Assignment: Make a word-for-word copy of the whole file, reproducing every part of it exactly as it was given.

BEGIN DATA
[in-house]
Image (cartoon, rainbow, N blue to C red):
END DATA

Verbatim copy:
[in-house]
Image (cartoon, rainbow, N blue to C red):